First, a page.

A fit model works as a sort of live mannequin to give designers and pattern makers feedback on the fit, feel, movement, and drape of a garment to be produced in a given size.
Glamour modelling focuses on sexuality and thus general requirements are often unclear, being dependent more on each individual case. Glamour models can be any size or shape. There is no industry standard for glamour modelling and it varies greatly by country. For the most part, glamour models are limited to modelling in calendars, men's magazines, such as Playboy, bikini modelling, lingerie modelling, fetish modelling, music videos, and extra work in films. However, some extremely popular glamour models transition into commercial print modelling, appearing in swimwear, bikini and lingerie campaigns.
It is widely considered[by whom?] that England created the market for glamour modelling when The Sun established Page 3 in 1969, a section in their newspaper which featured sexually suggestive images of Penthouse and Playboy models. From 1970 models appeared topless. In the 1980s, The Sun's competitors followed suit and produced their own Page 3 sections. It was during this time that glamour models first came to prominence with the likes of Samantha Fox. As a result, the United Kingdom has a very large glamour market and has numerous glamour modelling agencies to this day.
It was not until the 1990s that modern glamour modelling was established. During this time, the fashion industry was promoting models with waif bodies and androgynous looking women, which left a void. Several fashion models, who were deemed too commercial, and too curvaceous, were frustrated with industry standards, and took a different approach. Models such as Victoria Silvstedt left the fashion world and began modelling for men's magazines. In the previous decades, posing nude for Playboy resulted in models losing their agencies and endorsements. Playboy was a stepping stone which catapulted the careers of Victoria Silvstedt, Pamela Anderson, and Anna Nicole Smith. Pamela Anderson became so popular from her Playboy spreads that she was able to land roles on Home Improvement and Baywatch.
In the mid-1990s, a series of men's magazines were established such as Maxim, FHM, and Stuff. At the same time, magazines including Sweden's Slitz re-branded themselves as men's magazines. Pre-internet, these magazines were popular among men in their late teens and early twenties because they were considered to be more tasteful than their predecessors. With the glamour market growing, fashion moved away from the waifs and onto Brazilian bombshells. The glamour market, which consisted mostly of commercial fashion models and commercial print models, became its own genre due to its popularity. Even in a large market like the United Kingdom, however, glamour models are not usually signed exclusively to one agency as they can not rely financially on one agency to provide them with enough work. It was, and still is, a common practice for glamour models to partake in kiss-and-tell interviews about their dalliances with famous men. The notoriety of their alleged bed-hopping often propels their popularity and they are often promoted by their current or former fling. With Page 3 models becoming fixtures in the British tabloids, glamour models such as Jordan, now known as Katie Price, became household names. By 2004, Page 3 regulars earned anywhere from £30,000 to 40,000, where the average salary of a non-Page 3 model, as of 2011, was between £10,000 and 20,000. In the early 2000s, glamour models, and aspiring glamour models, appeared on reality television shows such as Big Brother to gain fame. Several Big Brother alumni parlayed their fifteen minutes of fame into successful glamour modelling careers. However, the glamour market became saturated by the mid-2000s, and numerous men's magazines including Arena, Stuff and FHM in the United States went under. During this time, there was a growing trend of glamour models, including Kellie Acreman and Lauren Pope, becoming DJs to supplement their income. In a 2012 interview, Keeley Hazell said that going topless is not the best way to achieve success and that "[she] was lucky to be in that 1% of people that get that, and become really successful."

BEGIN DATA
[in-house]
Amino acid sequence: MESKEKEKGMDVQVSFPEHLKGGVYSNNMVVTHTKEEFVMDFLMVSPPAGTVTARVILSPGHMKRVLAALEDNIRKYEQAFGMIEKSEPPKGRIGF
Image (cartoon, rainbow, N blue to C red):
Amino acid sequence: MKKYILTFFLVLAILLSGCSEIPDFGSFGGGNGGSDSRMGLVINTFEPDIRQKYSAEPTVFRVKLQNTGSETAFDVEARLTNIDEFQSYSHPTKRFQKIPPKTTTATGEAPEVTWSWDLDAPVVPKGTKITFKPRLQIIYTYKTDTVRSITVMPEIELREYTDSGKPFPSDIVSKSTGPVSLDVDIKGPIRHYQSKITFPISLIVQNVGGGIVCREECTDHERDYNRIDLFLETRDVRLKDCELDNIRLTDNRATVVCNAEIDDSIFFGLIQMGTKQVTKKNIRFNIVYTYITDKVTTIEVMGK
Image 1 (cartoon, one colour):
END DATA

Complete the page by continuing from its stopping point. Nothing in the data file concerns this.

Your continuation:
An alternative model is any model who does not fit into the conventional model types and may include punk, goth, fetish, and tattooed models or models with distinctive attributes. This type of modeling is usually a cross between glamour modeling and art modeling. Publishers such as Goliath Books in Germany introduced alternative models and punk photography to larger audiences. Billi Gordon, then known as Wilbert Anthony Gordon, was[when?] the top greeting card model in the world and inspired a cottage industry including greeting cards, T-shirts, fans, stationery, gift bags, etc.
Some models are employed for their body parts. For example, hand models may be used to promote products held in the hand and nail-related products. (e.g. rings, other jewelry or nail polish). They are frequently part of television commercials. Many parts models have exceptionally attractive body parts, but there is also demand for unattractive or unusual looking body parts for particular campaigns.
Hands are the most in-demand body parts. Feet models are also in high demand, particularly those who fit sample size shoes. Models are also successful modelling other specific parts including abs, arms, back, bust or chest, legs, and lips. Some petite models (females who are under 5 ft 6 in (1.68 m) and do not qualify as fashion models) have found success in women's body part modelling.
Parts model divisions can be found at agencies worldwide. Several agencies solely represent parts models, including Hired Hands in London, Body Parts Models in Los Angeles, Carmen Hand Model Management in New York and Parts Models in New York. Parts Models is the largest parts agency, representing over 300 parts models.